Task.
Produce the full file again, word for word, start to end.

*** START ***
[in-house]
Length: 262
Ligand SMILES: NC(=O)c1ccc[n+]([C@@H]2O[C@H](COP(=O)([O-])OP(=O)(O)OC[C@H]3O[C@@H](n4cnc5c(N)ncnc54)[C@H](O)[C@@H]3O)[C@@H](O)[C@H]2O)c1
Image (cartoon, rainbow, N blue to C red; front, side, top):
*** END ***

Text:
[in-house]
Length: 262
Ligand SMILES: NC(=O)c1ccc[n+]([C@@H]2O[C@H](COP(=O)([O-])OP(=O)(O)OC[C@H]3O[C@@H](n4cnc5c(N)ncnc54)[C@H](O)[C@@H]3O)[C@@H](O)[C@H]2O)c1
Image (cartoon, rainbow, N blue to C red; front, side, top):